The population structure of Escherichia coli causing bacteraemia in the UK and Ireland between 2001 and 2010

M. J. Day, M. Doumith, J. Abernethy, R. Hope, R. Reynolds, J. Wain, D. M. Livermore, N. Woodford

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Objectives: Escherichia coli is the commonest agent of bacteraemia, bacterial
gastroenteritis, and UTIs. The lineages causing UTIs and gastrointestinal disease are well defined, but less is known about those causing bacteraemia. We therefore investigated the population structure of E. coli from bacteraemia in the UK and Ireland between 2001 and 2010.

Methods: E. coli isolates (n = 2166) were submitted to the BSAC Bacteraemia Surveillance Programme from 18 UK and Irish centres from 2001-10. Genotypes were analysed by MLST using the Achtman scheme; MICs, blaCTX-M-group and patient demographics were previously determined in the BSAC surveillance.

Results: 448 sequence types (STs) were identified but five of these, and their associated clonal complexes (CCs), accounted for 58.4% (1264/2166) isolates: CC73 was the most common (20.7%), followed by CC131 (13.9%), CC95 (11.3%), CC69 (6.9%) and CC12 (5.5%). All these, except CC69 (group D), belong to phylogenetic group B2. CC131 isolates were much more often MDR than other STs: they rose from 2.9% of isolates in 2001 to 20.5-20.7% in 2007-8, then declined to 14.3% in 2010. Resistance rates to cephalosporins, aminoglycosides and fluoroquinolones remained below 10% in other major CCs throughout.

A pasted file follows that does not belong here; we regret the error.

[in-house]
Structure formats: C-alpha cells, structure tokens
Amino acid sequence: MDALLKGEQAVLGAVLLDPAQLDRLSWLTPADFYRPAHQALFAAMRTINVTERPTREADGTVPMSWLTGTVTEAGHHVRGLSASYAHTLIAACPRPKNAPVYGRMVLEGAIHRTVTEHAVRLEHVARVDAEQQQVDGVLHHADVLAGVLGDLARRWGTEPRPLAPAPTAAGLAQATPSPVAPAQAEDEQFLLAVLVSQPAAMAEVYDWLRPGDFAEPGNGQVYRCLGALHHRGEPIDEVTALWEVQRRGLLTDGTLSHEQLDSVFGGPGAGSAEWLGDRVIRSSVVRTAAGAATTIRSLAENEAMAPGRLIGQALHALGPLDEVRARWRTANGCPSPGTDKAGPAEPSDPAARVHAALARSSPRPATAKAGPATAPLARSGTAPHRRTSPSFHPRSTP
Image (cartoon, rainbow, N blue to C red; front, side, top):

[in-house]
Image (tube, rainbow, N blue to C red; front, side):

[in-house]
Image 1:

Conclusions: The five most prevalent bacteraemia STs have all been associated previously with UTIs. They dominated in all years, but their proportions fluctuated, most notably for ST131, a globally-disseminated high-risk clone that is often MDR.
Original languageEnglish
Pages (from-to)2139-2142
Number of pages4
JournalJournal of Antimicrobial Chemotherapy
Issue number8
Early online date5 May 2016
Publication statusPublished - Aug 2016


  • MLST
  • antimicrobial resistance,
  • Molecular Epidemiology

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